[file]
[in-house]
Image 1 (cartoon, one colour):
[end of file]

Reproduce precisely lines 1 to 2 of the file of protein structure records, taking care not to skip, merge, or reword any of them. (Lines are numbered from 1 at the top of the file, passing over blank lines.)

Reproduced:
[in-house]
Image 1 (cartoon, one colour):